Tiger Woods became the first African American to win a major, and the youngest to wear the green jacket when he aced his first Masters Golf Tournament on April 13th. This video clip with Russ Mitchell recaps the historical events of April 13. From This Day In History, this clip also includes the beginning of Hank Aaron's major league baseball career, and the first African American, Sidney Poitier, to win an Oscar for Best Actor. Pope John Paul II also made his historic visit to a Jewish Synagogue on April 13, becoming the first Pope to visit a Jewish house of worship.

Tiger Woods wins the Masters Tournament for the first time

On April 13, 1997, 21-year-old Tiger Woods wins the prestigious Masters Tournament by a record 12 strokes in Augusta, Georgia. It was Woods’ first victory in one of golf’s four major championships—the U.S. Open, the British Open, the PGA Championship, and the Masters—and the ...read more

Hitler bluffs from bunker as Russians advance and atrocities continue

On April 13, 1945, Adolf Hitler proclaims from his underground bunker that deliverance was at hand from encroaching Russian troops—Berlin would remain German. A “mighty artillery is waiting to greet the enemy,” proclaims Der Fuhrer.  As Hitler attempted to inflate his troops’ ...read more

Thomas Jefferson is born

Future President Thomas Jefferson, drafter of the Declaration of Independence and the nation’s preeminent political theorist, is born on this day in 1743. Historian and biographer Joseph Ellis has called Jefferson, who had a monumental role in shaping American politics, the ...read more

Handel’s “Messiah" premieres in Dublin

Nowadays, the performance of George Frideric Handel's Messiah oratorio at Christmas time is a tradition almost as deeply entrenched as decorating trees and hanging stockings. In churches and concert halls around the world, the most famous piece of sacred music in the English ...read more

Sidney Poitier wins Best Actor Oscar for "Lilies of the Field”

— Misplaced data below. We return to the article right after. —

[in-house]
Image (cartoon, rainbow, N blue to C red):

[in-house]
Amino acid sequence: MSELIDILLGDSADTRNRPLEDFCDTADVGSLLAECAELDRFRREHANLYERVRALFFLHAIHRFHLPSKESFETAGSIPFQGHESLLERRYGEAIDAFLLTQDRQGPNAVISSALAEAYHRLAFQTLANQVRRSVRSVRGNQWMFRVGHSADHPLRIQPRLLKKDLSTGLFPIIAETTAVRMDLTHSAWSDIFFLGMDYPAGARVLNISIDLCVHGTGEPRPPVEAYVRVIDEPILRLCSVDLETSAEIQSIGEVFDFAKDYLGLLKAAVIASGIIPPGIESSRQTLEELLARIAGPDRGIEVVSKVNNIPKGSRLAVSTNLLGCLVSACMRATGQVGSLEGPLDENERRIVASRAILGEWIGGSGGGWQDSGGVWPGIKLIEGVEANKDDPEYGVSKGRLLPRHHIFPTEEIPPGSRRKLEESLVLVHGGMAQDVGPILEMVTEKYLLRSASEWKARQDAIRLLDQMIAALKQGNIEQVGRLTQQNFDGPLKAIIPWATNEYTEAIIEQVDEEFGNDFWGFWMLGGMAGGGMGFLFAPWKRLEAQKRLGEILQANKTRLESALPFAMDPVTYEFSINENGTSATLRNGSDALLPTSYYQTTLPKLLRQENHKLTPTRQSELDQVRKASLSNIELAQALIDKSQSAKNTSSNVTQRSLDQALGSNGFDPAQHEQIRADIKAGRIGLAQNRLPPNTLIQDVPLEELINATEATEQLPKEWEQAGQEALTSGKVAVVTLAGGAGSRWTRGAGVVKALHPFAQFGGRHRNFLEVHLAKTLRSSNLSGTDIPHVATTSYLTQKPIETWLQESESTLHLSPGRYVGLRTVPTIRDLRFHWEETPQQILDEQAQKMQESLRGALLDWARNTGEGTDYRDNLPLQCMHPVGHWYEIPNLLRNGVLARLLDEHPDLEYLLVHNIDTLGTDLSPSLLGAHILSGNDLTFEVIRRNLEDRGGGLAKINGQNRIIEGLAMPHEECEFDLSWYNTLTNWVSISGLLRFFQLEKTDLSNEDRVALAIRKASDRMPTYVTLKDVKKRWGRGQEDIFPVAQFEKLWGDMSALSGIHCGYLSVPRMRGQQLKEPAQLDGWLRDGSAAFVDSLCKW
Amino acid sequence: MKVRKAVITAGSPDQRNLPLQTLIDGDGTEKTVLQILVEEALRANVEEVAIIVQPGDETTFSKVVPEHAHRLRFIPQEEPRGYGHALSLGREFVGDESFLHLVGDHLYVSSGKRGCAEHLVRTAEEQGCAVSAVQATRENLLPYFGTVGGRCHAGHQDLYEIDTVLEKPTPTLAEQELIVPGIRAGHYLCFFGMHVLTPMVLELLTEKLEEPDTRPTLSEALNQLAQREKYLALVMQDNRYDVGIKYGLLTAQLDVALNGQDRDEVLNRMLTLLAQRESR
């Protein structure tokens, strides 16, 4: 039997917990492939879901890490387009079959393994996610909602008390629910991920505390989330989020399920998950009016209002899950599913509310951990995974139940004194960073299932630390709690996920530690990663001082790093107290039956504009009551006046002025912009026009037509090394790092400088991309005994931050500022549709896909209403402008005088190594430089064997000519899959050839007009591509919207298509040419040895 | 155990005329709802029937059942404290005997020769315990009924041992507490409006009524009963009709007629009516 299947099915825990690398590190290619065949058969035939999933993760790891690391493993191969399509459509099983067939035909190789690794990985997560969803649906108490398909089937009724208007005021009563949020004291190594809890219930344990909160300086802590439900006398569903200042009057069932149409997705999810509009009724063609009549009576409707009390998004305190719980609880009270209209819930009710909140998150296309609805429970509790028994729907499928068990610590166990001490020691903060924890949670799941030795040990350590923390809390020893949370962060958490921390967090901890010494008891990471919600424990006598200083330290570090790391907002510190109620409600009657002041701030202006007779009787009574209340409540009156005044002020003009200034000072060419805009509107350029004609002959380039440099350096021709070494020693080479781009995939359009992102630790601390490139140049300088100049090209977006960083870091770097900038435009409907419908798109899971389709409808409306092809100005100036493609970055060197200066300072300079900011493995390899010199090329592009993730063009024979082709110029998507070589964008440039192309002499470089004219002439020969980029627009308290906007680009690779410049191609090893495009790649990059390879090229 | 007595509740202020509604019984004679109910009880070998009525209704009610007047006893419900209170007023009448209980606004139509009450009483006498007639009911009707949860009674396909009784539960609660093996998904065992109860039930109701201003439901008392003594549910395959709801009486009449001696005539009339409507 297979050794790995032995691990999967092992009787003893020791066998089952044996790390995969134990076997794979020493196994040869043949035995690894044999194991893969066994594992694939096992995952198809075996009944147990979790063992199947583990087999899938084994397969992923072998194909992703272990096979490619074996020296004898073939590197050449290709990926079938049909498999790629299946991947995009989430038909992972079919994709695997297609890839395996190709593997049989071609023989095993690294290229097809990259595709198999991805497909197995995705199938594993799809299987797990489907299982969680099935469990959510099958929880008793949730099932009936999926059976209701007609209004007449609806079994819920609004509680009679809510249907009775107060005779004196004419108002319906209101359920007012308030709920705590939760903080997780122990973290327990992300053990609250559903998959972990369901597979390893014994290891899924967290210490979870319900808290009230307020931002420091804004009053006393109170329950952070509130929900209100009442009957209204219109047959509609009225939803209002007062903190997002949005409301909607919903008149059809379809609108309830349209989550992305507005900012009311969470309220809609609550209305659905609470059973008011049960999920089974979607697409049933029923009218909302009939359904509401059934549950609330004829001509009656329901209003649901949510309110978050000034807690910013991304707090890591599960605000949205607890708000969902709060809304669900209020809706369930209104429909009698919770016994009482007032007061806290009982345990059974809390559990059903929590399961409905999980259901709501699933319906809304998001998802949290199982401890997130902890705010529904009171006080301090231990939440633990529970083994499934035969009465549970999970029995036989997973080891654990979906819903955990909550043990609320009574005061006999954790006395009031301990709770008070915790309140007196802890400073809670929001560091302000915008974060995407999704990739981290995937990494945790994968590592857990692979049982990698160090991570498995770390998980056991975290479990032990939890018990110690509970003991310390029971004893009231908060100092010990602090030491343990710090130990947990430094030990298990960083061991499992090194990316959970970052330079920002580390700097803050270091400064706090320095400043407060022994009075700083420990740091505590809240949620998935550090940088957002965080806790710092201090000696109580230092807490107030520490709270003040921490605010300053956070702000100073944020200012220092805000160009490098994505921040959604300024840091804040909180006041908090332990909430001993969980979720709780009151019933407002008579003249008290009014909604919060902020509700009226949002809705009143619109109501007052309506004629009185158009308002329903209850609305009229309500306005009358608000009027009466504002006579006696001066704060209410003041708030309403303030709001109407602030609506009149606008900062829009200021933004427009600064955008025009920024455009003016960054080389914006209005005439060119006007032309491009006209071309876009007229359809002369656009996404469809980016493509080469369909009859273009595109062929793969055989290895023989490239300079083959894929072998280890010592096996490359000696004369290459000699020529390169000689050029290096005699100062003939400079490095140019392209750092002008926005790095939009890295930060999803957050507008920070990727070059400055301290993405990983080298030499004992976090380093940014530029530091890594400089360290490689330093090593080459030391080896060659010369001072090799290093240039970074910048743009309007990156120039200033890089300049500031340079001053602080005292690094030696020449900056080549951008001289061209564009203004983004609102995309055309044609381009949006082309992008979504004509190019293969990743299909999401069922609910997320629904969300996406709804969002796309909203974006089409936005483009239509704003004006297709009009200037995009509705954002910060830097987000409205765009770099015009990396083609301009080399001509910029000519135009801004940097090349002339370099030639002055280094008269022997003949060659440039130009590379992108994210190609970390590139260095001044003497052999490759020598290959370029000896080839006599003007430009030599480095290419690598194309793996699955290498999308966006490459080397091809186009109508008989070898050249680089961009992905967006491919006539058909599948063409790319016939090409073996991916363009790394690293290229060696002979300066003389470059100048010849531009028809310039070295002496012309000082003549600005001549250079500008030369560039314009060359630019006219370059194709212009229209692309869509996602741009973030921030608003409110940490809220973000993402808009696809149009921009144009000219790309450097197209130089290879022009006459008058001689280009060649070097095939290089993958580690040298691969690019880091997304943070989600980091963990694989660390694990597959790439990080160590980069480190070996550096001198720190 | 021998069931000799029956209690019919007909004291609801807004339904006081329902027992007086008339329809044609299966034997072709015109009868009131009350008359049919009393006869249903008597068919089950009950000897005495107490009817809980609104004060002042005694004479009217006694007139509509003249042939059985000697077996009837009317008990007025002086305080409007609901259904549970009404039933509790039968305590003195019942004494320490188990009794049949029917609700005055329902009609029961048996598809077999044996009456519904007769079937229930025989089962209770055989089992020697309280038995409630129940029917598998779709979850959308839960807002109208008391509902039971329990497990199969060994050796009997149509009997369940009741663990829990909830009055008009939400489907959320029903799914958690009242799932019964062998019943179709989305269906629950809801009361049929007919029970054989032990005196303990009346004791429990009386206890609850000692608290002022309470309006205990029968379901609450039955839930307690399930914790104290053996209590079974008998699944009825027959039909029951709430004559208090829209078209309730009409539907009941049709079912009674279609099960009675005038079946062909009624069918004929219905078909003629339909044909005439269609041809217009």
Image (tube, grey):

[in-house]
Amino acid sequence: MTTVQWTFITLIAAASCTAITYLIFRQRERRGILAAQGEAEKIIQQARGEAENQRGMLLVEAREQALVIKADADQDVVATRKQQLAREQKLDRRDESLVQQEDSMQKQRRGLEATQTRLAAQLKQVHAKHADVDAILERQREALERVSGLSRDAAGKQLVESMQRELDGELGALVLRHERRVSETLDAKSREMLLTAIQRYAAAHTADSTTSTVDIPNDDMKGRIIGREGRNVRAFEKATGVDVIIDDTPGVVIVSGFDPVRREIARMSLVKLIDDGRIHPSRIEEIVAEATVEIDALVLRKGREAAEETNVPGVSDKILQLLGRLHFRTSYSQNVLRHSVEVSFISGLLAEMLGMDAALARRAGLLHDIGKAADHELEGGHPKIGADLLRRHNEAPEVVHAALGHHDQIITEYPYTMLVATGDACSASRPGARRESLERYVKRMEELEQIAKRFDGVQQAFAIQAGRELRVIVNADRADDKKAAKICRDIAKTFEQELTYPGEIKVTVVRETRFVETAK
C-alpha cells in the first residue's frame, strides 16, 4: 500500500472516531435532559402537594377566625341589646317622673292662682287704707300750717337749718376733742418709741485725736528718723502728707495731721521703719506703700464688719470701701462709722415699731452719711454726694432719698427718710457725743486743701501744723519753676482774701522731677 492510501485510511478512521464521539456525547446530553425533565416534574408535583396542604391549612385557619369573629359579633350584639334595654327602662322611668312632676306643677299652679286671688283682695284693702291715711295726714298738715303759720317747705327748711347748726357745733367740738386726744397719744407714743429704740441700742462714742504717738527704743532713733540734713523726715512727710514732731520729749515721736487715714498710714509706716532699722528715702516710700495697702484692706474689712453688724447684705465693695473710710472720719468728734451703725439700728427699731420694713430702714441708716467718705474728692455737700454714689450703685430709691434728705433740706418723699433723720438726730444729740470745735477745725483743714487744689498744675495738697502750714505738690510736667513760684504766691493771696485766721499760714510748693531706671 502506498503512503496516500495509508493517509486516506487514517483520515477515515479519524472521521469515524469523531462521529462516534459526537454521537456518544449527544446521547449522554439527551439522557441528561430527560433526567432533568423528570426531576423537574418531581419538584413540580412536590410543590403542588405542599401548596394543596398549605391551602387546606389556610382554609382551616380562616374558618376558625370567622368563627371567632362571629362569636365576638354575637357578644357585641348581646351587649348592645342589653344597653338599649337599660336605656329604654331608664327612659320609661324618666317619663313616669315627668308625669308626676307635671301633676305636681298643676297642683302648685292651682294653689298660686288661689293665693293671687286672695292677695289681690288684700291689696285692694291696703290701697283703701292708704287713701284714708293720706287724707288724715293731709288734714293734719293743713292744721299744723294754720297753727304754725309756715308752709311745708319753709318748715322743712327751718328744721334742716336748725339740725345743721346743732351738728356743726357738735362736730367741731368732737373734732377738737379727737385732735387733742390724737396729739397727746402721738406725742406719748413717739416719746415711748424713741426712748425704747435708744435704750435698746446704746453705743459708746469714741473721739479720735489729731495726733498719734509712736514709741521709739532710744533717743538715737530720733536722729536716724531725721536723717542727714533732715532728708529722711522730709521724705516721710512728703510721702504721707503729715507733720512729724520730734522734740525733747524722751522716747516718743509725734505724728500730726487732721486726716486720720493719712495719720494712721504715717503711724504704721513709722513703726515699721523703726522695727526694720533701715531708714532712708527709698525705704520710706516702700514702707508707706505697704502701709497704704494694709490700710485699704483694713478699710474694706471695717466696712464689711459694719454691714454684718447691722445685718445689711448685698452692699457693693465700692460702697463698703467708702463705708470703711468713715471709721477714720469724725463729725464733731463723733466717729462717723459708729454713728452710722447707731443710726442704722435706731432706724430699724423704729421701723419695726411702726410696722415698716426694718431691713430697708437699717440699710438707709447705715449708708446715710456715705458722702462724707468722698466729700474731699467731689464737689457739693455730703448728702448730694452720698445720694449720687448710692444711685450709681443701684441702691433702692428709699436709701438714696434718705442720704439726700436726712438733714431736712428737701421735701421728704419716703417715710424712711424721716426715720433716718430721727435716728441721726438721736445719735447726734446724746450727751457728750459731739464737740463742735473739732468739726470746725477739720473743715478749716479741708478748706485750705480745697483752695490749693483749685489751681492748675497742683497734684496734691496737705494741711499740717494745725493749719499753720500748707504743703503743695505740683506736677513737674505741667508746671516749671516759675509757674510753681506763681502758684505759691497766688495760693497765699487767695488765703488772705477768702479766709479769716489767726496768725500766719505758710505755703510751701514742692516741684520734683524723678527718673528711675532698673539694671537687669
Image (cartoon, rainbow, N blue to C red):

On April 13, 1964, Sydney Poitier becomes the first African American to win the Academy Award for Best Actor, for his role as a construction worker who helps build a chapel in Lilies of the Field (1963). Poitier was born in 1924, while his parents were visiting the United States ...read more

Hail storm kills 1,000 English troops in France

On so-called “Black Monday” in 1360, a hail storm kills an estimated 1,000 English soldiers in Chartres, France. The storm and the devastation it caused also played a part in the Hundred Years’ War between England and France. The Hundred Years’ War began in 1337; by 1359, King ...read more

Serial killer, Christopher Wilder, dies by suicide

Christopher Wilder dies after a month-long crime spree involving at 11 young women who have disappeared or been killed. Police in New Hampshire attempted to apprehend Wilder, who was on the FBI’s Ten Most Wanted List, but Wilder apparently shot himself to death in a scuffle with ...read more

Soviets admit to Katyn Massacre of WWII

The Soviet government officially accepts blame for the Katyn Massacre of World War II, when nearly 5,000 Polish military officers were murdered and buried in mass graves in the Katyn Forest. The admission was part of Soviet leader Mikhail Gorbachev’s promise to be more ...read more

Union forces surrender at Fort Sumter

After a 33-hour bombardment by Confederate cannons, Union forces surrender Fort Sumter in South Carolina’s Charleston Harbor. The first engagement of the war ended in Rebel victory. The surrender concluded a standoff that began with South Carolina’s secession from the Union on ...read more

Former MLB All-star Mark “The Bird” Fidrych dies in truck accident

On April 13, 2009, former Major League Baseball all-star pitcher Mark “The Bird” Fidrych is found dead at the age of 54 following an accident at his Massachusetts farm involving a Mack truck he was working on. Fidrych, the 1976 American League Rookie of the Year, suffocated when ...read more